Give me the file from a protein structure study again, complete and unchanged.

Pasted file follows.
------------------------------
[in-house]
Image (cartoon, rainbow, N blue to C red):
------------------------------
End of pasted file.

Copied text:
[in-house]
Image (cartoon, rainbow, N blue to C red):